6. I’m so sorry, Pete. The testing seems to be utterly shambolic and I hope Julie finds one a bit closer to home. Someone I know who lives in Lancashire (one of the worst hit places just now) was offered a test almost 100 miles away. She told them there was a test centre 15 minutes from her house and wouldn’t give up until they agreed that was acceptable. I hope it’s just a cold. But how often will people have to go through this when the season of coughs, colds, and flu is almost on us?

    Liked by 3 people

  7. Sorry to hear Pete and I hope Julie is better soon. Taking the precautions that you suggest are more than adequate especially as you are not symptomatic. I have got into the habit of taking my temperature each morning as I am the one going out to do the shopping etc more as a precaution so that I don’t infect my husband with anything I hope it will give me an early warning of anything untoward.. xx

    Liked by 2 people

  8. So sorry to hear Pete…as you say, the next flu season will be upon us soon, just making it all the more difficult to isolate the corona virus…it seems the rest of the year is going to be a very bumpy ride…I hope she gets better soon, and that it turns out to just be a.bad cold…

    Liked by 3 people

  9. Here in Clark County, we currently have 64,160 confirmed cases (up 2.1% since last week) of COVID-19, and the death toll is 1,329 deaths (up 5.3% since last week). The vast majority of county residents live in the Las Vegas Valley. Driving around town, traffic is heavy as usual. But most businesses have a sign that reads: “No shirt. No shoes. No mask. No service.” That includes all restaurants (once inside, though, everyone takes off their masks to eat, so what’s the point?).

    This year marks the first season of play for the Las Vegas Raiders (formerly, the Oakland Raiders), and they will play football for the first time in the brand new Allegiant Stadium here in Las Vegas. But there will be no fans seated in the stadium…

    COVID-19 has really messed up the world. And it’s messing up your life, Pete! It’s easy for the government to say, “Grin and bear it.” But let’s face it, we’re human beings who have needs! So you just have to do whatever you can to make life as normal as possible under the circumstances. So cheat where you can get away with it. But do it safely.

    Liked by 3 people

      1. By the way, the Las Vegas Raiders came from far behind to win the game yesterday. They beat the New Orleans Saints 34-24. Just goes to show you: Where’s there’s a will, there’s a way. In other words, faced with a dilemma, there’s a way to sort things out! (And, in some cases, very quickly!)

        Liked by 1 person

  10. Oh so sorry to hear this Pete! You’d think they’d have tests available at the schools or at the local medical clinics. Sadly, access to testing has been a problem here as well; it makes no sense at all. Hopefully it’s just a cold, and you’ll have test results soon. I hope Julie feels better soon. Take care my friend.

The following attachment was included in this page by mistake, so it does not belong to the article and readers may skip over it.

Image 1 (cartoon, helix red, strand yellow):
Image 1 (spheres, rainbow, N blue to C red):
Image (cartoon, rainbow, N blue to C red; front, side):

Liked by 2 people

  11. Oh man Pete, I’m so sorry. I know what you are going through. In my vacation my mother had to take a Corona test as well, and even though it seemed that it would not be Corona, these days you can’t be sure anymore (it luckily wasn’t). But man…it was a tense few days until the test results came back. So yeah, I feel for you. I hope it will just be a cold. You are in my thought, and until then I will cross my fingers for you🤞😊

    Liked by 2 people

  12. No “like” for this post, Pete. I can only keep my fingers crossed that it really is not more than a common cold. That self-quarantine ca really be tough on people with animals that need to be walked. I remember a blogging-friend in Spain who, at the height of their lockdown, wasn’t allowed to leave her flat to walk her dog, even if she had never been in contact who had the virus. She had to sneak out at night, always in fear of the police. As to shopping: it seems that you can’t, as we can, order online and pick the stuff up outside of the store? Here, we don’t have to even leave the car: all the goods are put in the trunk by a shop assistant.
    Good luck, my friend,
    Pit

    Liked by 2 people

  13. How long does it take to get the test, and also the results? And does her grandson have to do anything as well, or does he have a common cold? It’s scary when it hits close to home. Keep us posted, Pete. Best to you, and Julie, and Ollie.

    Liked by 2 people

    1. Her grandson doesn’t have to have a test as he recovered completely after two days and has no symptoms. Julie is trying to book one online, but they are offering her test centres almost 100 miles away. It is a complete shambles over here, sadly.
      Best wishes, Pete.

      Liked by 2 people

      1. This is very different. Here, every child is scanned upon entering school, public or private. Parents have to fill out a daily online form regarding their child’s health. Teachers have to fill out the same form, too. If there is a cough, sniffle, or fever, the child cannot enter the building. S/he must get a doctor’s note before returning to school. Parents can’t take their child home and return to school a few days later. Children have to be seen by a doctor. I’m surprised Julie’s grandson could go back to school without a doctor’s note. Often the virus doesn’t have symptoms.

        Is it a pain for parents? Yes. Does it stop the spread of the virus? Yes. So, it’s what we’re doing.

        Poor Julie! She either has to book a test online or drive 100 miles to to get tested. That is terrible. I understand why you say it is complete shambles. My heart and best wishes go out to Julie.

        Liked by 1 person

  14. Although it sounds like a cold, I can’t imagine how frightening this is for you both. And the fact that it’s still so difficult to get tested, especially as Julie works for the NIH, is completely unacceptable. The position you both are in truly show how both are governments are failing their people. Take care, both of you, and please keep us posted Pete. I’m keeping everything crossed that it’s not Covid.